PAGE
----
21 Burst results for "Burgis"

"burgis" Discussed on Beyond Atheism

Beyond Atheism

03:36 min | 1 year ago

"burgis" Discussed on Beyond Atheism

"It is available for pre order, it officially it officially comes out on New Year's Eve. So if so, you know, you can't you can't wrap it up and put it under the tree for you. But you can pre order it and print out your receipt and use it as a stocking stuffer. That would actually shows up on New Year's Eve you can take a look at the nice cover art that had to drew at that go out and celebrate New Year's Eve and then with your and then when you're like kind of sluggish, should hug over the next day. Right? Yeah. Anything else you want to plug aside from your book? No, no, I think that's, I think that's good. So yeah, I think you mentioned GTA and ejaculate and all that at the beginning. I don't know, watch the Charlie Kirk to bed it's fun. Right. Yes, all right. All right. Yeah, thanks again for coming on, Ben. Yeah, thank you, good friend. Well, that was fantastic. That was doctor Ben Burgess. Nathan, what's your takeaway from Ben Burgess? Yeah, many things, I guess. Just to sort of pick up on the cancel culture thing we were talking about at the end. But I appreciate his perspective sort of acknowledging this is like a real phenomenon. And it is harmful. But at the same time not remaining on the left about it and not kind of descending into right-wing lunacy or whatever. Yeah, sort of exaggerating how widespread this isn't so on and yeah. So I think that was valuable. Yeah, he had a lot of nuance to it. A lot of the pieces connecting technology to attitudes to working conditions and how all these things are the factor into it. So it's not just. And there's multiple layers, wow, that was that it came on Fast & Furious like most of what he does. What was your takeaway from the Hitchens book? And his discussion of it. I think the really useful thing. I mean, in addition to being a good overview of Hitchens career and stuff, it's also just a good introduction in general to many other topics like one thing I learned more about is sort of the difference between Trotsky eats. Which hitched in the sort of claim to be and stalinists. Which this division goes back to the start of the Soviet Union. And yeah, I think and other things like he said in our conversation about religion and morality and stuff and there's a part about reparations reparations. Just the clintons. Because obviously Hitchens wrote about that. So it's about many of the topics like Hitchens touches on. But then you actually get a sort of introduction to all these different topics as well. Because even in the discussion, we barely touched on Hitchens atheism, which is intense in its long and it's throughout his at least 40 years.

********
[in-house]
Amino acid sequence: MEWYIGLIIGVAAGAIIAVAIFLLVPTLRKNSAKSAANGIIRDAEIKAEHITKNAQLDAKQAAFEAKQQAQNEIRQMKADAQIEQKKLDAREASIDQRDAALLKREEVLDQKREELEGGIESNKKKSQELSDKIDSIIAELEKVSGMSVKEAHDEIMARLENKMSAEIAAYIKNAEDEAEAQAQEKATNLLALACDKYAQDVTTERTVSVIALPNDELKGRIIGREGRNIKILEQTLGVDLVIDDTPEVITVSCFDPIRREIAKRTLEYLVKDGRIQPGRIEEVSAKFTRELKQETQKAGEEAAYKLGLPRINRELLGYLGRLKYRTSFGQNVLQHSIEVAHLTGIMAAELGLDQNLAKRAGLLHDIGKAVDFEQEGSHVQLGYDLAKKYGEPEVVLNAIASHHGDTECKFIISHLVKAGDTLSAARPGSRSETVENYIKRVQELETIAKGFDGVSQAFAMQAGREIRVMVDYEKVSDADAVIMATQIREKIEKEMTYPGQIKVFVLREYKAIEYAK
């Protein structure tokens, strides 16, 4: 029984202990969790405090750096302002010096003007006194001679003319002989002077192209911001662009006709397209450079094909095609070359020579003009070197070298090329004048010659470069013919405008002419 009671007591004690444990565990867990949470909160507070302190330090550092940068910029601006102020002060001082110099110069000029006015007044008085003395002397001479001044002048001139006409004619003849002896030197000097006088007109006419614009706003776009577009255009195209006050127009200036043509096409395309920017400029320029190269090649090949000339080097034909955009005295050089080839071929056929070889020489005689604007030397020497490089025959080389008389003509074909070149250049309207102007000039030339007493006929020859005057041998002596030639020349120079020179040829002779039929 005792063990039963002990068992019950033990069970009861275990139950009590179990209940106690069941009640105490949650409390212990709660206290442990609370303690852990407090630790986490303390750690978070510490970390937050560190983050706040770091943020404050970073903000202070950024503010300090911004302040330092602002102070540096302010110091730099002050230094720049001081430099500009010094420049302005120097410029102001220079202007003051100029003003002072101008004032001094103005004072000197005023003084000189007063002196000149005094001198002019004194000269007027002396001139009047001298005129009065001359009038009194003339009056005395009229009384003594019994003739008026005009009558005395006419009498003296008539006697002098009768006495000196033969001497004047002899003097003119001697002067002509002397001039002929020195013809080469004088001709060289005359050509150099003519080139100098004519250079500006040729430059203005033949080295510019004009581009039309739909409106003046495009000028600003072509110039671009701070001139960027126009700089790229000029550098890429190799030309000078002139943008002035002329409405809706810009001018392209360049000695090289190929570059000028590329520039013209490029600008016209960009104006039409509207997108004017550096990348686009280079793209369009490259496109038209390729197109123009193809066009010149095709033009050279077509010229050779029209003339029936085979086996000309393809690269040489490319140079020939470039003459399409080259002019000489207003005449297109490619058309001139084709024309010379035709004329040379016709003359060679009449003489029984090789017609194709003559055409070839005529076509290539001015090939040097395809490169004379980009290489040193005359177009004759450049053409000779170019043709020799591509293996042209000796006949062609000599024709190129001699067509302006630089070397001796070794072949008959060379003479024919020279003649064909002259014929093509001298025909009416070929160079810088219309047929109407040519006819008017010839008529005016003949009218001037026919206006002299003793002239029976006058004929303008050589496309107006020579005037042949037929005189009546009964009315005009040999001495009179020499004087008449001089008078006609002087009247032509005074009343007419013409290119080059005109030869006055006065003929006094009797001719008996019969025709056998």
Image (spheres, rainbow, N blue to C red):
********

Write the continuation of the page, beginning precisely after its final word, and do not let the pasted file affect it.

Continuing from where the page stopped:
Ben Burgess Charlie Kirk Hitchens Nathan Ben Trotsky Soviet Union clintons
Charlie Kirk and Professor Ben Burgis Debate Medicare For All

The Charlie Kirk Show

02:23 min | 1 year ago

Charlie Kirk and Professor Ben Burgis Debate Medicare For All